For those of us who have been tormented, we understand what we need in order to cope with a present that is terrible and a future that is frightening. We must remember that others have similar struggles. It may not be called Ankylosing Spondylitis but suffering knows suffering. We must allow our condition to make us more sensitive people to others who are in pain. We have the “gift” so to speak of personal experience that can enable us to be a blessing to others.

    Every single Apple is an inspiration and encouragement to all who admire the creativity and beauty of Jenna’s work. She has inspired us with her words of encouragment. She has used the disease in such a way to bring hope for A.S. sufferers and visibility and advocacy for a disease that seems still so unknown.

    Both of you ladies can be very proud of the personal accomplishments you have had. Miss Susan you and your husband have raised an amazing daughter. Although I realize that your individuality and gifts are probably many…if raising and caring for your precious one was all that you did, you have given this world a great gift.

    Love to You,

    1. Your words are so very kind. I assure you that I am just a regular person trying to cope with Jen’s illness and journey to bring awareness in this world to AS. I’ve learned a lot along the way; too many AS sufferers are alone in the battle; too many have not found the right treatment; too many are brittle to the point of breaking and not just from the illness. I hope Jen’s efforts will continue to help bring those who suffer from AS more understanding from those arround them. I always pray for more understanding in the world. Thank you for supporting us and for your fight.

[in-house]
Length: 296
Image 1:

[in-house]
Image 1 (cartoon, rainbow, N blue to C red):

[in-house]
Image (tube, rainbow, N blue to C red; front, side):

3. Thank you Jenna for sharing this story. I’m sure my Mom could write a similar story as to what I went through for 3 months in 2000 when she had to rush me to the hospital four times with severe back spasms and pain. What made it even rougher was the fact that I am an only child.

  4. Thank You Susan for putting everything into words of a journey with a child with AS. I too have followed on this long path with my daughter and it has not been easy, but LOVE for a child makes it bearable.

    1. No, Judy, the journey is hardscrabble. There are so many abrupt turns, and potholes for the unwary. I know what you mean when you say that love makes it bearable, but it also makes it unbearable and sometimes you want to run away, but you can’t and we won’t. Hugs to you and your daughter.

  5. Susan & Jenna,
    Thank you for your support. Each time we spend with Jenna & have seen her in pain she still manages to smile & is without a doubt one of the most gracious people I know. You are definitely the type of mom we would all have loved having growing up & I am so grateful Jenna has such a supportive family with such loving parents. When Doug & Jenna found each other I felt a true happiness in both & was so happy when Jenna became part of our family. Reading your story has shown why Jenna says her Mom is her best friend. Big sis xoxo